Our study has made me more aware of how many people have been hurt by our inability to have good conversations. So many of our conversations at Campus edge these past weeks have highlighted the hurt and struggle we all have in learning how to communicate in a way that fits more with who we believe we are called to be in Christ.
Yet, another part of the reason we have the hard questions (like on racism and sexuality) is because not having the conversations causes people to see faith as being irrelevant. Or it will cause people to look elsewhere for answers.
As a recent Christianity Today article notes:
“But faith needs to be talked about and processed, and if these conversations diminish as our kids get older, we miss opportunities to help them remain fluent. What we call “faithing,” or the ongoing act of faith, depends on practice and use for it to become deeply part of us. It is through faithing that language, behaviors, beliefs, and values are internalized.”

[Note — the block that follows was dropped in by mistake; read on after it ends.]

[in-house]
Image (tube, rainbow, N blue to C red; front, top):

Furthermore, the articles notes that “students’ opportunities to express and explore their doubts were actually correlated with greater faith maturity. In other words, it’s not doubt that’s toxic to faith; it’s silence.” May we have the courage not to be silent, both for our own good but also for the good of all of those around us who are also striving to understand what faith looks like in practice.